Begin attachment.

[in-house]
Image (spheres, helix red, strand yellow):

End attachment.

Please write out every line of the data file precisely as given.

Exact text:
[in-house]
Image (spheres, helix red, strand yellow):